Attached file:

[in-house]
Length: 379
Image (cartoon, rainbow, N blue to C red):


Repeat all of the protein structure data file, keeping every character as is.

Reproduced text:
[in-house]
Length: 379
Image (cartoon, rainbow, N blue to C red):